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basename is a standard UNIX computer program. When basename is given a pathname, it will delete any prefix up to the last slash (
'/') character and return the result. basename is described in the Single UNIX Specification and is primarily used in shell scripts.
The Single UNIX Specification specification for basename is.
basename string [suffix]
- A pathname
- If specified, basename will also delete the suffix.
basename will retrieve the last name from a pathname ignoring any trailing slashes
$ basename /home/jsmith/base.wiki base.wiki
$ basename /home/jsmith/ jsmith
$ basename / /
basename can also be used to remove the end of the base name, but not the complete base name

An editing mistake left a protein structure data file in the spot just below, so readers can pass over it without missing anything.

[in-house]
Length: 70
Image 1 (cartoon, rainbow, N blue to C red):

$ basename /home/jsmith/base.wiki .wiki base
$ basename /home/jsmith/base.wiki ki base.wi
$ basename /home/jsmith/base.wiki base.wiki base.wiki
Since basename accepts only one operand, its usage within the inner loop of shell scripts can be detrimental to performance. Consider
while read file; do basename "$file" ; done < ''some-input''
The above excerpt would cause a separate process invocation for each line of input. For this reason, shell substitution is typically used instead
Note that this handles trailing slashes differently than basename.
- The Single UNIX® Specification, Issue 7 from The Open Group : return non-directory portion of a pathname – Commands & Utilities Reference,